Sunday’s titanic clash between Tyrone and Kerry was a fantastic coda to a solid championship. The Kingdom’s dreams of a first three-in-a-row since the eighties were overwhelmed by a Tyrone team that had produced exquisite football over their last three matches.
Kerry, it seems, have the measure of the other 25 counties on this side of the border but have been found wanting when faced with Northern Irish power, passion and general hustle.
Whereas other counties go weak at the knees when faced with the Green-and-Gold juggernaut, Tyrone increase their intensity and do the necessary business.
It’s hard to believe that this Tyrone team contrived to lose to Down in the Ulster Championship three months ago.
At the time, the pundits had written off Mickey Harte and his team and spoke of an end to an era. All pronouncements of doom were soon made to sound silly in the wake of the crushing 12-point defeat of Dublin in the quarter-final.
Yet Tyrone, like a Phoenix bursting forth from the ashes of the Down defeat, produced a footballing master class to silence Hill 16. More brilliance was to follow as an outlandish tally of twenty-three points was scored against a competitive and spirited Wexford in the semi-final.
Yet all the pre-match indicators pointed to Kerry running out of the luck that seemingly pervades their footballing history. The pundits themselves are paralysed the Kingdom’s traditional dominance.
Kerry have won only five All-Ireland’s since their last three-in-a-row in 1986 (bad for a county that has won over thirty titles) and four of those five final victories have come against Connacht teams with the fifth against their favourite Cork whipping boys.
Let no-one say that this Kerry team is great until they have beaten one of Derry, Down, Armagh, Tyrone, Meath or Dublin on the third Sunday of September. Tyrone now stand deservedly at the top of the pile. They may well be difficult to dislodge.
Arsenal stand proudly at the summit of the Premiership after three resounding victories in their last three league games.
Newcastle, Blackburn and Bolton have been put to the sword in the wake of that abject defeat to Fulham last month. There’s no doubting the talent that sweeps through the young team but one can’t help but worry that the immense spending power of their rivals will soon overwhelm the spendthrift Gunners.
Wenger’s men/boys now face four winnable games against Hull, Sunderland, Everton and West Ham before facing local rivals Tottenham at the end of October so it’s eminently possible that an extended stay at the top of the table awaits Theo Walcott et al.
Liverpool once again drove their supporters to distraction as they contrived to draw with Stoke City four days after they beat Marseille in France and a week after they beat Manchester United at Anfield. I was a boy of eight years of age when Liverpool last won the league and at this rate I’ll be an old man of eighty-eight before they do it again.
Last Sunday, Manchester United showed once again that they are never to be written off as they produced a much-improved performance to draw with Chelsea. The Blues still look like a formidable outfit and with Scolari at the helm, Roman Abramovich’s investment in West London may at last pay off.
They are deserved favourites to win this season’s Champions League and have the extended squad to be competitive in all four competitions. Scolari knows he has to produce the goods.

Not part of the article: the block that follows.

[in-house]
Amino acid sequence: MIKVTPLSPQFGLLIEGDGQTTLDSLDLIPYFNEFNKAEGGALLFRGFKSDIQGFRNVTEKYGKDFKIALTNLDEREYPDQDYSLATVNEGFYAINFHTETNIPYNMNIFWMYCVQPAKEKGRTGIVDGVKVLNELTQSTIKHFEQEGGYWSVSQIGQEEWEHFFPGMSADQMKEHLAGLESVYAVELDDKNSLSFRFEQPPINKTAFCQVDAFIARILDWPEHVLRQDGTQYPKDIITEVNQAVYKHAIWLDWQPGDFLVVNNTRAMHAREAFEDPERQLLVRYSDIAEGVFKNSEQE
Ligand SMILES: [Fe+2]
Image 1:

Spare a thought for poor old Avram Grant… had things gone differently, he would now be presiding over the English and European champions. Instead, it is rumoured that he will become coach of Ukranian ‘giants’ Dnipro Dnipropetrovsk.
Clark on Sport has got used to hailing gargantuan European Ryder Cup victories on a biennial basis. Two consecutive nine-point victories in 2004 and 2006 seemed set to herald an epoch of European dominance that would threaten the tournament’s long-term viability.
Prior to last week’s proceedings at Valhalla, the European team looked strong on paper while the US team was a Tiger-less bunch of has-beens, never-wases and never-will-bes. Yet, as I write, the US team has just completed an emphatic 5-point victory, its most resounding win since 1981. At times like this, it’s easy to blame the losing captain, so I will.
Nick Faldo was the finest golfer Europe had ever produced but it’s safe to say that he is not universally liked as a man throughout the golfing world.
Admittedly, it would have been almost impossible to disregard his claims to the top job given his record but it’s not good enough that anybody should get so important a task because it is his ‘turn’. The twelve members of the European team will deny it but it’s clear that Faldo was simply unable to get the best out of his players.
Somewhat ironically, Faldo’s controversial decision to pick Ian Poulter (4/5) was a spectacular success but in any case, I always felt that the choice of Casey (1/3) was more problematic. The whole wild-card selection process stank, perhaps undeservedly, of a pro-English conspiracy. How Europe could have done with Monty, Darren Clarke or even a pugnacious Paul McGinley when the chips were down on Friday.
In Faldo’s defence, it must be said that he was let down by very poor results from Padraig Harrington (0.5/4), Lee Westwood (1/4) and Sergio Garcia (1/4). I just have a nagging feeling that those three and others would have produced more if Bernhard Langer had been in charge.
One final thought…it seemed to me that Valhalla was just a bit too easy for a tournament of the Ryder Cup’s standing. Clearly, Paul Azinger set it up to help his team, which is his prerogative as home captain but for me there is something unsatisfactory in seeing a succession of rough-less holes and placid greens. Matchplay is much more exciting if the participants can get into trouble. Birdies and eagles are fine, but triple-bogeys are much more exciting.
Michael Clark is a former Vice-Auditor of the UCD Law Society.